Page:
My Haman Heart
It happened again recently. There I was reading my Bible passage for the day and dutifully minding my own business, when a few verses I have read countless times before leapt off the page and started messing with me!
I've always loved the story of Esther—the intrigue, the irony, the heavenly activity hidden from earthly eyes. Prudent and courageous Queen Esther is a hero of mine. And I have always held Haman up to scorn and derision for his arrogant and cruel self-absorption.
But this reading was different. There it was in black and white: "Yet all this is worth nothing to me, so long as . . ." (Est. 5:13). Suddenly, I was identifying more with Haman than Esther.
Haman was a man of deep emotions. In one verse he was both "joyful and glad of heart" and then suddenly "filled with wrath" (Est. 5:9). He had been over-the-top happy to be the sole guest of his king and queen at a magnificent feast. But on his way home to boast about his special treatment, his joy is overridden with rage when he noticed Mordecai's snub.
Nevertheless, he goes home, gathers his friends and family, and lists in detail all his good fortunes—his financial success, his many sons, his political power—and then comes his crowning announcement: "Tomorrow also I am invited by her together with the king" (Est. 5:12).
What would the casual reader expect to be the next words out of his mouth? "What a lucky man I am! Come again tomorrow, and I'll share every juicy detail! I might even give you my autograph."
But no, the very next words out of his mouth are, "Yet all this is worth nothing to me, so long as I see Mordecai the Jew sitting at the king's gate" (Est. 5:13). And those words of jealous discontent set in motion the total destruction of Haman and his household.
It was those very words that unexpectedly stood out to me. "Yet all this is worth nothing to me so long as . . . " You see, I am wonderfully blessed, too. But I am troubled by my Haman heart that all too often rises up to say, "Yet all this is worth nothing to me so long as _______________." And I fill in that blank with my worry or fear of the day.
Rejoicing in His Plan
That morning I saw it more clearly than ever before. Way down deep, where few people ever have access, I am Haman. When things are going well, I am "joyful and glad of heart." But when someone or something doesn't respond in the way I think they should, my joy dissipates and my heart is saddened. I dwell on it too much, wasting precious emotional and spiritual energy (of which none of us has unlimited resources). I saw that I needed to confess my self-absorption and embrace His part for me in His grand, eternal plan.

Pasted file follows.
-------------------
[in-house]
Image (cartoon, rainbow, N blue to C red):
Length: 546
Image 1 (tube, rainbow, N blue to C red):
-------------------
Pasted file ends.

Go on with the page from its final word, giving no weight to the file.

God is never mentioned in the book of Esther, but He is powerfully moving on behalf of His people and His kingdom purposes then and now. Perhaps you can't see God working in your life, but don't trust your earthly eyes. His ways are far beyond ours (Isa. 55:8–9) and nothing is impossible with God (Luke 1:37).
What is your "so long as"? Is there someone's name whose mere mention provokes you to anger? Confess it. Weed out this troubling root of bitterness before its poison destroys you and those around you (Heb. 12:15). Is there some action God must take for you to rejoice with Him in His plan for your life?
May God help us to own our Haman hearts. "When my soul was embittered . . . I was like a beast toward you" (Ps. 73:21–22). May He open our eyes to see beyond our circumstances into His glorious purposes.
Whom have I in heaven but you? And there is nothing on earth that I desire besides you. My flesh and my heart may fail, but God is the strength of my heart and my portion forever (Ps. 73:25–26).
By Jani Ortlund